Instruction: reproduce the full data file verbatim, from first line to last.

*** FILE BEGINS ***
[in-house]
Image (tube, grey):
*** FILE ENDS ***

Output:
[in-house]
Image (tube, grey):